OK Nobody here is specific about their freezer. A 'chest' freezer typically has a single plastic 'tub' inserted into the cabinet and unless it is cracked or punctured, cannot leak blood or other fluids into the insulation. Warm it up, use chems and should be OK. If you have an upright freezer, everything goes to the bottom, where there may or may not be a plug and drain tube, depending on the mfg. So, just as a chest freezer, there is a solid 'tub' that encompasses the back, sides, top, and bottom, with a few small openings for Freon tubes to enter the tub. BUT..... and this is a big BUT.... most units have separate pieces all around the opening that 'finish' the areas around the door opening. This could be one single piece (unusual) or separate top bottom and side pieces. These have no visible fasteners, clips screws, etc, and simply 'snap' into place. Under the bottom piece is where you'll find the smelly saturated fiberglass insulation. If you look at the components, they are oriented like roof shingles, where the side pieces overlap the up-turned flanges of the bottom piece. After the plastic is at least 'room temp' (use a hair dryer if necessary - NOT a heat gun, which could deform the plastic) simply insert a flat screw driver under the side piece near the bottom, working from the inside out, and pull or pry until your fingers fit under it , then pull gently and slide screwdriver upwards until the clips release. You only need to loosen enough to allow removal of the bottom piece, but once started they come out easily. I removed both entire side pieces. Do this to both sides, paying attention to any light switches etc and corresponding wires. Pop out the bottom piece and there's the mess. Remove all the wet stuff, dab all dry with paper towels and hair dryer, replace it with new insulation which is very cheap, then snap-in panels in the reverse order of removal, pounding them into place with the back of your hand. The back of your hand won't crack plastic like a mallet or other 'beater', and is more than enough to re-seat the pieces. Close the door, come back in a few hours, and if odor-free, you're good to go.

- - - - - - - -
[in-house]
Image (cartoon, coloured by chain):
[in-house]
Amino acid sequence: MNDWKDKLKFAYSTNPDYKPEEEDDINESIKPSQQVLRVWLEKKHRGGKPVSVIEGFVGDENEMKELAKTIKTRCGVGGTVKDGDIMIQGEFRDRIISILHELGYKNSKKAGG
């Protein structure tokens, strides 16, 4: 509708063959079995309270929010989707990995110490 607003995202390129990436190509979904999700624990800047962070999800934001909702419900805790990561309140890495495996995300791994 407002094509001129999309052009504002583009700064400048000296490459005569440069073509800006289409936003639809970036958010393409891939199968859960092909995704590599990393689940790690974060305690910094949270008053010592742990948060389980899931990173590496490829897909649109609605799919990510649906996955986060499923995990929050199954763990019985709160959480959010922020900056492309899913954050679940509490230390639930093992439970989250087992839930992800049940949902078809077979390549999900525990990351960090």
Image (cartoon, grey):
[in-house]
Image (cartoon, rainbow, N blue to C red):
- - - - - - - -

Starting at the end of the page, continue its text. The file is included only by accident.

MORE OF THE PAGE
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December 1, 20070 found this helpful